‘Jamie Marks is Dead’ Makes its Youngstown Debut

‘Jamie Marks is Dead’ Makes its Youngstown Debut

jamie marks

The 2014 film “Jamie Marks is Dead,” based off YSU professor Chris Barzak’s novel, “One for Sorrow,” will be shown Saturday at The Little Youngstown Cinema. “Jamie Marks is Dead,” starring Cameron Monaghan, was shown at Sundance Film Festival in Park City, Utah.

By Mary Van Jura

On Saturday, Nov. 21, The Little Youngstown Cinema will be showing “Jamie Marks is Dead,” a film based off “One for Sorrow,” a book written by Chris Barzak, author and Youngstown State University associate professor.

“It wasn’t even on my bucket list to see a book turned into a film, but it happened anyway,” Barzak said.

Barzak said he was extremely excited when he was contacted about his book getting made into a movie. “Jamie Marks is Dead” was directed by Carter Smith, and was shown at Sundance Film Festival in Park City, Utah.

Though there were a number of changes made to the storyline, Barzak liked and accepted them. He said that an added scene that did not appear in the book really added to the subplot of the story. The director of the film would even occasionally contact him to consult on changes to be made.

“The filmmakers really didn’t need my approvals — they bought the rights to turn the book into a film, and with those rights comes creative freedom of their own — though the director was kind enough to consult and include me regardless,” Barzak said.

As for the storyline, Barzak said he didn’t have a certain message to get across because it’s not typically his style. He just wanted to present the realities of growing up and dealing with decisions and morality.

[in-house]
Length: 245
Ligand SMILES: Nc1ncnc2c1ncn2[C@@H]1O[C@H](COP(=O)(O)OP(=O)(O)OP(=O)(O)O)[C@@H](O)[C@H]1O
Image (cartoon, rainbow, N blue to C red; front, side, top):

“I think I just wanted to capture what it feels like to be a teenage loner in a small town in the Rustbelt who feels different and alienated by his difference from others, and trying to connect with other misfits,” Barzak said.

Barzak said that as a writer, he enjoys how people see his work differently. He may have something different in mind while writing, but it could take on something totally new in the eyes of readers.

“People bring their own experiences to anything they read or watch or listen to, and what one reader or viewer or listener experiences in a work of art or entertainment will be different from someone else with a different set of experiences or background, which influences how we understand and appreciate anything,” Barzak said.

Aspasia Lyras, owner of The Little Youngstown Cinema, said she has wanted to show the film since hearing about its production. She felt that it needed to be brought to Youngstown, and she is excited to show it.

Lyras said she has been a fan of Barzak’s work since she met him at a book release, and she thoroughly enjoys “Jamie Marks is Dead.

“I rented the movie when it first came out. I thought this was a unique coming-of-age story with a chilling atmosphere. It’s eerie and unsettling,” Lyras said.

“Jamie Marks is Dead” will be shown at 5:45 p.m. and 8:45 p.m. at The Little Youngstown Cinema on Nov. 21. Barzak will present and conduct a question and answer session after the 5:45 p.m. showing and before the 8:45 p.m. showing.

The Little Youngstown Cinema is located at 112 W. Commerce St., Youngstown, Ohio. Tickets are available for purchase at www.youngstowncinema.com and Joe Maxx Coffee.

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